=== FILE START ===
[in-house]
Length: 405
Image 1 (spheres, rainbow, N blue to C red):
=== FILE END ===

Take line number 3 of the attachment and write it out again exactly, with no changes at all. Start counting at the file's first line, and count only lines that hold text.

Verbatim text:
Image 1 (spheres, rainbow, N blue to C red):